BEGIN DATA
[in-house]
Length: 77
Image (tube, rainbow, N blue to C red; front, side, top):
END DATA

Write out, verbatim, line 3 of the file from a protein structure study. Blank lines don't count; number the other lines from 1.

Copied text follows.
Image (tube, rainbow, N blue to C red; front, side, top):